Encarta elaborates

Encarta makes subtle digs at Wikipedia

Encarta blog writers denigrate fully-editable philosophy

Last week, Microsoft's Encarta encyclopaedia announced that it was to allow users to make suggestions for article improvements (see archived story). It made the announcement with a nod to Wikipedia with the comment on the 'editing help' pages that Encarta is not like "open-content encyclopedias found elsewhere on the Web".

The news was not universally well-received, and many people were critical of the fact that Microsoft was only proposing to allow suggestions about existing articles, excluding ideas for new articles. On the Encarta blog Archived 2005-04-09 at the Wayback Machine, Encarta editor David Hirning elaborated on this point. "We don’t want our users to spend time crafting an article for Encarta that we ultimately decide doesn’t meet our standard for reference material", he said. "Encarta is not just a pell-mell conglomeration of information and random bits of trivia".

Making subtle digs at Wikipedia, he said "you won’t find articles on each of Ashlee Simpson's teeth in Encarta". Wikipedia's articles on the US pop singer have been causing controversy for some time, with Everyking creating a flurry of articles about the singer, her album, songs and tours, many of which have subsequently been listed on votes for deletion. Everyking is currently subject to an arbitration committee ruling preventing him from editing articles related to Simpson.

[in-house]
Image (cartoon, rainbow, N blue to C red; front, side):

German Wikipedian posts challenging questions

Mathias Schindler from the German Wikipedia responded to Hirning's blog post with some pointed questions. "So, basically, your point is 'We don't offer anything special for wishes for new articles. Just do it the usual way and we may listen to you - or not.', right? There will be no way to provide a list of high-ranked wishes for new articles (which may or may not fall into your or your employer's definition of 'encyclopedia'), right? There will be no way to see if a wish for a new article on a certain subject has already been rejected, right?", he asked. At the time of writing there has been no response.

Schindler has been posting to his own blog on MSN space [1] Archived 2005-04-20 at the Wayback Machine. Among other things, he has been criticising the restrictive license applied by Encarta to contributions, which means that contributors from the public would not have the right to reproduce their contributions anywhere else, if they were incorporated into the encyclopaedia.

Microsoft invite Jimmy Wales to speak to them

Interestingly, Jimbo Wales reported to the Wikipedia mailing list that Microsoft had invited him to give a talk at Redmond, Washington [2]. Wales said that he would try to also give a talk at the University of Washington Information School, from which Encarta has employed graduate students to work as fact-checkers, to find out what their experience of the new system was. No date has yet been set for the talks.

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